BOSTON - At least Tom Green doesn't have commitment phobia. "I'm a father," he boasts. "I have a family and ... there is nothing that will keep me from my commitment."
Of course there is this small catch. Tom is committed to his wives. That's wivessssss, as in plural - as in five.
You might say he is "overcommitted." You might say, for that matter, that he is guilty of four counts of bigamy.
This was the verdict of a Utah jury recently. They found that the Mormon father of 29 had been married to a quintet of women. If the appeal fails, he may face another sort of commitment: as many as 25 years in prison.
None of this, however, has dampened the self-righteous ardor of the poster papa for open polygamy. In Utah, an entire subculture of closeted Mormon families is said to practice polygamy under a "don't ask, don't tell" policy. But Green sprung the closet door open, appearing on everything from "Judge Judy" to "Jerry Springer."
This is what is so fascinating about Green. On the one hand, he is an old-time patriarch. On the other, he is a man of the modern age who is pushing to have his "lifestyle" publicly accepted. One can almost hear the psycho-lingo: no more secrets, no more hypocrisy, no more living a lie.
Indeed in some peculiar way, Tom Green reminds me of New York Mayor Rudolph Giuliani. Not merely because Mr. Giuliani tried to entertain paramour Judith Nathan in Gracie Mansion where estranged wife Donna Hanover resides. (Donna isn't a "sister wife" kind of gal.) But Rudy also seemed to justify this in the name of honesty and openness. I can imagine Rudy and Tom singing at the top of their lungs: "I Gotta Be Me."
Green's demand to have his private relationships publicly acknowledged doesn't seem all that different from Rudy's or from those of gay couples who want the right to marry. Or live-in lovers where cohabiting is illegal.
For a long time, marriage was one man, one woman, forever. In American history, opponents fought against divorce, calling it legal polygamy. The Nation magazine once described the South Dakota divorce mill where couples remarried on the spot as "practically polygamy."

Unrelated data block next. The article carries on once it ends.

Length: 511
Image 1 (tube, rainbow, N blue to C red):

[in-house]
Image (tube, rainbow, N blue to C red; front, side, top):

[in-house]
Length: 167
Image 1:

Yet, when Utah was forced to ban polygamy as a condition of statehood, Elizabeth Cady Stanton huffed at hypocrisy, saying that the legislators themselves were polygamous in practice, with both wives and mistresses.
Now we live in an era of routine divorce and serial marriage, of domestic partners and unwed parents, older men and trophy wives, gay commitment ceremonies and old-fashioned adultery. We may have traditional views about marriage itself, but not about our own behavior.
In the current array of marriage and its alternatives, what's the difference between a polygamist and a serial husband, a committed marrier and a casual philanderer? Twenty-five years in prison?
In fact, this true-believing polygamist didn't have a valid marriage license. Utah had to build its bigamy case (there's no state law against polygamy itself) by proving his relationships were really common-law marriages.
Meanwhile, Green said of his "wives," "In essence they are all mistresses. Am I the only man in America to have a mistress - or several?" He's got a point. Sort of.
Let me assure you that Tom Green is not my kind of guy and polygamy is not my alternative lifestyle. As E.J. Graff, who wrote "What is Marriage For?" says, "This is a guy with a bunch of wombs at his service. He's making a tribe, not a marriage." His tribe not only has five women and 29 kids; as a magazine salesman, he can't fully support them.
Nevertheless, in the end, the state is on shaky ground when it tries to criminalize sexual relations or the consensual living arrangements of adults.
The only solid ground for intervention is that Green wed his quintet while they were teen-agers. That's where any plea for acceptance should fall on deaf ears. That's where the "alternative lifestyle" defense stops.
Indeed, Green is to be tried next for child rape, for marrying one of his wives when she was only 13. For that crime, I'd throw the book at him, at his wife's parents, and anyone who gave their blessing.
If Utah wants to stop the abuse of polygamy, the most important thing to do is raise the age of marriage up from a childish 14, the age when some girls first enter plural marriages.
In the meantime here are the most chilling words uttered by this committed man: "Legally, I'm single and available."
Ellen Goodman is a columnist for the Boston Globe. Her e-mail address is email@example.com.